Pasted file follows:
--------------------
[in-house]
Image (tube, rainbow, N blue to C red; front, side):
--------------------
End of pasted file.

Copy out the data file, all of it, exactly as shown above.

[in-house]
Image (tube, rainbow, N blue to C red; front, side):